We recognize that reducing GHG emissions from our operations is crucial to addressing the dual challenge of meeting the world’s energy demand while responding to the impacts of climate change. In addition, reducing our GHG emissions is essential to maintaining our market position, investment appeal and stakeholder confidence. We decreased our global GHG intensity by approximately 26% in 2020 compared to 2019. This was driven by improvements in gas capture and efforts to coordinate and streamline supply chain infrastructure, which resulted in significant reductions in flaring.
Emissions Reporting Methodology
To determine the overall greenhouse gas (GHG) emissions across our drilling, completions and production operations, we inventory a range of emissions sources, including flares, storage tanks, equipment leaks, engine fuel combustion, liquids unloading, pneumatic devices and electricity usage.
We report our direct emissions (Scope 1) and indirect emissions (Scope 2) as defined by the IPIECA/API/IOGP Petroleum Industry Guidelines for Reporting Greenhouse Gas Emissions on an operated basis. We calculate Scope 1 direct emissions from U.S. facilities using EPA’s Greenhouse Gas Mandatory Reporting Rule. We calculate emissions from our facilities in Equatorial Guinea using the API Compendium of Greenhouse Gas Emissions Methodologies for the Oil and Gas Industry. Our Scope 2 indirect emissions are calculated based on purchased electricity consumption using EPA’s eGrid (Emissions & Generation Resource Integrated Database) emission factors.
GHG Emissions Management
Marathon Oil is focused on continuously improving our emissions management. The company actively works to reduce our environmental footprint and has a history of taking elective and collaborative measures to further our goal, such as actively participating in The Environmental Partnership and its applicable programs. This growing coalition of U.S. oil and natural gas companies represents over 70% of total onshore U.S. oil and natural gas production. Its mission is to continuously improve the industry’s environmental performance by taking action, learning about best practices and technologies and fostering collaboration among stakeholders.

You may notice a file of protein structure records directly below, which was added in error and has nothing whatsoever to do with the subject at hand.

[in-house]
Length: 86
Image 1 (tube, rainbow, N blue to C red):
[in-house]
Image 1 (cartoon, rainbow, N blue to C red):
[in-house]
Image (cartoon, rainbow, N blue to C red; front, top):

Marathon Oil was an active participant in establishing The Environmental Partnership’s latest flare management program announced in December 2020. Participants have committed to report data to calculate flare intensity, a measurement of flare volumes relative to production. The program will analyze and aggregate this data for its annual report and utilize the insights from the participant’s combined actions and reporting to better understand and identify additional opportunities for the industry to further reduce flaring. In 2020, our flare intensity was 3%, which includes purge gas volumes from the Eagle Ford necessary for emergency flare system operation.
Reducing the GHG emissions intensity of our operations is a central pillar of our climate risk mitigation strategy. We track operational performance through our overall GHG emissions intensity and methane emissions intensity. Intensity metrics are measured as CO2e emissions in metric tonnes per thousand barrels of oil equivalent of all hydrocarbon produced. We believe the intensity rate is a more comparable measurement over time because it takes into account our overall activity level, including portfolio changes from acquisitions and dispositions. We initially prioritized methane intensity given its outsized impact on the environment, but believe that utilizing overall GHG gas intensity as a central key performance indicator provides more opportunities for continued improvement.